Is taking a shower unnecessary if good bacteria surround our skin?

David Whitlock, a scientist, has not taken a shower for 12 years. Instead, he sprays a bacterial mist containing live bacteria to remove odor and maintain the number of good bacteria. It is because ...
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1answer
453 views

Drug and antibiotic resistance in organism [closed]

Out of gram positive or gram negative or both which one is having a higher resistance to drug or antibiotics? How the organism gains that gene for drug or antibiotics resistance.? Kindly explain it in ...
10
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4answers
208 views

How do antibiotics combined with a non-Western diet affect weight loss?

Wikipedia describes a Western diet as: ... higher intakes of red and processed meat, butter, high-fat dairy products, eggs, refined grains, white potatoes, french fries, and high-sugar drinks. In ...
2
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1answer
286 views

What does completing the course of antibiotics accomplish?

This article from the WHO states: If you stop treatment early, there is a risk the antibiotics won’t have killed all the bacteria that made you sick and that it will mutate and become resistant. ...
2
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1answer
117 views

Comparative effectiveness of antibiotics against colonies and growing bacteria

Appropriate antibiotics usually eliminate bacteria. However are the same antibiotics as effective against bacteria that have grown to form a colony?
2
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0answers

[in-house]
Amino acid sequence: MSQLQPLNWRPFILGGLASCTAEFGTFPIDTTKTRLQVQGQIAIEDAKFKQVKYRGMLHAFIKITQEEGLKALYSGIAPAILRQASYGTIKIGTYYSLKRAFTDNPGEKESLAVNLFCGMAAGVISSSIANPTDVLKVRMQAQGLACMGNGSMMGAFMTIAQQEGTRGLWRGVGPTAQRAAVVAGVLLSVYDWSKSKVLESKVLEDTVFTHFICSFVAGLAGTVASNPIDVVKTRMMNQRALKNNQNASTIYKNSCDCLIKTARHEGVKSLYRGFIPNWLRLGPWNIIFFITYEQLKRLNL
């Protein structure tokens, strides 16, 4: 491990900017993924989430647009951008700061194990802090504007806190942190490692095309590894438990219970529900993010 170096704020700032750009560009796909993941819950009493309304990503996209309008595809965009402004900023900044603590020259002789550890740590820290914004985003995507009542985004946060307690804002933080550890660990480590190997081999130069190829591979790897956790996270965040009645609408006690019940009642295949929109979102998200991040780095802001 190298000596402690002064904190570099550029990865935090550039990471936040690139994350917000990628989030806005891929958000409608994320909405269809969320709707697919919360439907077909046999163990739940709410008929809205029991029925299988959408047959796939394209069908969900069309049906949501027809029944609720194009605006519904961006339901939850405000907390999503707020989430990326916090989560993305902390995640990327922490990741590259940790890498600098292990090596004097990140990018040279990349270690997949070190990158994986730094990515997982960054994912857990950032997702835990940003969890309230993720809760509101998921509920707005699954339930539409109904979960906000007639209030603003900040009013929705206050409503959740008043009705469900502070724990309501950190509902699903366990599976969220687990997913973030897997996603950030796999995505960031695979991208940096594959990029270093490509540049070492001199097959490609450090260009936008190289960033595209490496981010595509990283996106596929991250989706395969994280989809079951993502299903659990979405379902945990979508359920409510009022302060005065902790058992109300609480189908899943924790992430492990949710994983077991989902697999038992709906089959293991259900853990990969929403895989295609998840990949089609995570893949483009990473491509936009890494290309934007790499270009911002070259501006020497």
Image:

47 views

After a bacterial infection is dealt with, do any of that colony of bacteria remain?

Suppose that I get a bacterial infection, which my immune system deals with. Are there any remnant bacteria, or are they all gone? Now consider the same scenario, but having been treated with a full ...
3
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2answers
754 views

Why does azithromycin not affect human mitochondria?

Drugs like tetracyclines, macrolides and aminoglycosides bind to prokaryotic ribosomes. It is interesting that our body too having mitochondria, which have prokaryotic ribosomes, there is little(?) ...
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3answers
687 views

Why do we take antibiotics if our immune system already produces them? [closed]

Why do we take antibiotics if our immune system already produces them? Is it because our body doesnt make enough or the specific complementary antibody to fit with the antigen?
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0answers
83 views

Effective Mycoplasma Elimination from Primary Human Cultures

Obviously the best way to avoid mycoplasma contamination is to avoid it in the first place. In our case, however, it is not possible to avoid. We are culturing viruses and tissues out of human nasal ...
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0answers
43 views

Why are treatment periods with antibiotics longer than 1-2 days?

Antibiotics are given prophylactically for several indications (e.g. prior to dental surgery). Why are the treatment periods for prophylactic antibiotics much shorter than when treating an ...
1
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1answer
3k views

How can you develop a bacterial infection when taking antibiotics for another area of the body with a bacterial infection? [closed]

How can you develop a bacterial infection when taking antibiotics for another area? For example, "if someone was prescribed an antibiotic for a bacterial infection of the throat and while taking the ...
1
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0answers
124 views

Why doesn't one develop immunity to bacterial STIs?

Why doesn't one develop immunity to STIs such as Chlamydia/Gonorrhea and Syphilis even after the first exposure and treatment with antibiotics?
1
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2answers
76 views

Could a prolonged amount of Antibiotics severely affect the digestion Gut Microbiota?

Could taking antibiotics for a prolonged amount of time severely harm or even worse kill off a large proportion of Gut Microbiota responsible entirely for digestion, Resulting in lifelong digestion ...